Navigating Anxiety and Uncertainty during COVID-19

  March 30, 2022

It seems we’ve found ourselves in the midst of a monumental historical moment. Unfortunately, these ‘unprecedented times’ also come with some unpleasant repercussions. In our 2020 Community COVID Survey, brain tumour survivors and caregivers in our community reported feelings of stress, isolation, loneliness, anxiety, and disconnection. I know I certainly have felt these as well.

It is incredibly difficult to navigate a brain tumour diagnosis, especially during a global pandemic. Professional help is not always available or accessible when it is needed, adding to these already distressing feelings of anxiety and uncertainty. You may feel like emotions such as sadness, frustration, anger, and loneliness have started to negatively affect your life, and negatively affect YOU! Remember, you are not your emotions, you are experiencing your emotions. Don’t make a judgement about them, but rather be curious about them.

When I am feeling all tangled up inside, I tend to follow some of the insights below. I invite you to try some of these suggestions to help you to manage heightened emotions during difficult moments.

FYI: The tips below are not a ‘quick-fix’ and will take some practice (like anything!) in order to benefit you. You may try them one after another, or choose whichever tip resonates best and start there.

Pause.

When it feels like everything is crashing around you, just pause. Be conscious of your surroundings and identify what you need in this moment. Try to focus on your immediate needs, such as moving to a different space, doing some deep breathing, or simply identifying your feeling(s) to yourself. If you are not able to identify how you are feeling at the moment, the next tip may be helpful to you.

Notice.

Notice your thoughts, but remember, don’t judge them. If they aren’t helpful to your wellbeing in this moment, let them pass by. Combining difficult emotions with judgemental thoughts only makes a bigger mess! Consider how your thoughts are making you feel. Speak to yourself like you would speak to a friend; be kind to your mind!

Feel.

Feel your feelings! This one can be tough, because feelings can be tough. Our emotions might even seem like they contradict each other. It may be uncomfortable, but we must let ourselves experience our emotions so that we can process them. Putting your thoughts and emotions into words can be a starting point. Say it out loud if it feels right for you. Some people find journaling helpful, others might phone or text a friend.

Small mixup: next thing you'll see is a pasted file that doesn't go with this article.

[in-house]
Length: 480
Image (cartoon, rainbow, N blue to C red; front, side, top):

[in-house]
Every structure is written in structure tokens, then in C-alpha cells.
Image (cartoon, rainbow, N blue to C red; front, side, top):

Connect.

Connect with family, friends, pets, nature; the choice is yours! Talk it out, or enjoy some silence, but try your best to take a few moments and make a connection. You can even connect with yourself! Sometimes, feeling ‘connection’ can be difficult, especially when certain emotions are ‘blocking’ you or making it difficult for you to experience other emotions. One of my favourite ways of connecting with my body and re-engaging with my emotions is through movement.

Move.

A change of scenery can make a huge difference in helping us gain a new perspective. Get outside, go for a drive, or try moving your body in a way that feels good! On days that are particularly difficult, this can be hard, especially if you have little to no energy. Personally, I keep a yoga mat rolled-out in my living room as a reminder to do some gentle movement or stretching when I am experiencing difficult emotions. Finding what sort of ‘movement’ works for you, your body, and your abilities is key.

Here’s a Tip: Back to the Basics

When all else seems to fail, simplify! Sometimes, you may feel like there is nothing you, or anyone, can do to help you to feel better. In these cases, try your best to plan your day around meeting your basic needs. Taking time to focus on food and drink, movement and rest, and personal hygiene can help us to tackle those difficult emotions more effectively by ensuring our physical ‘base-line’ is settled.

Along with the tips included above, and in the Notes to Self Infographic, something I have found incredibly helpful for my mental health and daily wellness is to create ‘predictable’ moments that I can expect or even look forward to. For me, this might look like a stop at my favorite coffee shop for a hot drink on Wednesday afternoons, or sitting outside on my deck in the evenings (in all sorts of weather, might I add!) The mere fact of knowing that I will soon be in the company of familiarity creates comfort within me.

What ‘predictable moments’ can you create for yourself? In these unpredictable lives we live, creating experiences for ourselves, no matter how small or simple, reminds us that we matter. That joy is possible even alongside despair.

The unpredictable is the salt of life, the flavour and the sting. The predictable is what makes it sweet.